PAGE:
Black Sabbath

How Tony Iommi inspired James Hetfield

In terms of metal frontmen, Metallica’s James Hetfield makes a strong claim for being the most iconic of all time. The singer and axeman of the San Francisco legends is one of the most unmistakable rockers in history, and his additions into popular culture have been nothing short of gargantuan.

Be it his early out-and-out thrash moments with the band, his more mature, melodic work on 1991’s Metallica, or his muscly licks on tracks such as ‘St. Anger’ or ‘I Disappear’, Hetfield has enjoyed a long and esteemed career, which has resulted in him being revered as both a legendary vocalist and guitarist. It’s a testament to his skill that legions of fans want to emulate both his vocals and six-string ability.

Hetfield formed Metallica alongside drummer Lars Ulrich in 1981 after they met via an advert in a magazine. Quickly, the band found their artistic stride, throughout the 1980s, they rose to become one of the most game-changing and visceral bands of the era. Albums such as 1984’s Ride The Lightning and 1986’s Master Of Puppets remain as crucial as they were over 30 years ago, and still provide many up and coming metal bands with a stylistic blueprint.

Given that Hetfield is such a behemoth of metal, fans have long been intrigued by the question of what artists inspired his artistry. Over the years, he’s name-checked everyone from Venom to Sex Pistols. Clearly, he has a penchant for the harder side of rock, and this is what allowed him and the band to create such a powerful style in the early ’80s.

Luckily for us, during an interview with San Jose Sharks in 2015, Hetfield named his favourite band of all time, and it was an unsurprising revelation. He said: “Favourite all-time band is hard because there is so many,” he said. “Led Zeppelin is in there, Motörhead, boy… they all offer a little bit different. But if I was stuck for one… Black Sabbath”.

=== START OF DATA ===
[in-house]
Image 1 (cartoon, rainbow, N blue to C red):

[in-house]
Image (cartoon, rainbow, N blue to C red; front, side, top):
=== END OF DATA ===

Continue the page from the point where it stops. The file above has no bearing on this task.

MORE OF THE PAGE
Clearly galvanised by the thunderous riffs of Sabbath guitarist Tony Iommi, the darkness of Metallica’s early records are imbued with the spirit of Sabbath. During a 1992 interview with Guitar World, Hetfield and Iommi were finally brought into contact with each other, and Hetfield was totally enamoured by his hero. At the start of the interview, Hetfield said to Iommi: “It’s a pleasure to finally meet you, man”.

Interestingly, Iommi then praised Metallica and Hetfield by saying: “My son bought me your last album (Metallica), and it’s one of the first recordings I’ve received in a long time that I can praise without reservation. I listen to it in my car all the time”.

Elsewhere in the interview, Hetfield explained how he was inspired by Sabbath and Iommi. “I discovered Black Sabbath by digging through my older brother’s record collection,” Hetfield recalled. “Their album covers really drew me in. I immediately thought, ‘I gotta out this one.’ And when I did, I couldn’t believe it. It was like, ‘Whoa! Heavy as shit.’ Sabbath was everything that the ’60s weren’t… Their music was so cool because it was completely anti-hippie. I hated The Beatles, Jethro Tull, Love and all that other happy shit”.

Additionally, Hetfield discussed how Iommi’s riffs influenced him when he and Ulrich inducted Sabbath into the Rock and Roll Hall of Fame in 2006. During the speech, the Metallica frontman explained: “Black Sabbath is mammoth riffs with menacing lyrics that make me oh so happy’, that was going to be my speech and that was it. But Springsteen kind of upped the ante last year”.

After toying with the crowd, Hetfield elucidated: “I’ll go a little deeper, picture a 9-year-old boy, quiet, well behaved on the outside but on the inside boiling and dying for life to burst open with any sort of stimulation. The discovery of music was what was to burst it wide open, but not just any music. This was more than just music. (It was) a powerful, loud, heavy sound that moved his soul”.

James Hetfield is just one of countless rock heroes to be inspired by Tony Iommi’s pioneering guitar-playing. Heavy, powerful and dark, it’s a testament to Iommi that his work remains so influential, some 50 years after Black Sabbath first broke through.

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